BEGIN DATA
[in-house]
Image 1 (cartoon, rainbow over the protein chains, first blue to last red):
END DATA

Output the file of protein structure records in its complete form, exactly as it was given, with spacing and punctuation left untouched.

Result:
[in-house]
Image 1 (cartoon, rainbow over the protein chains, first blue to last red):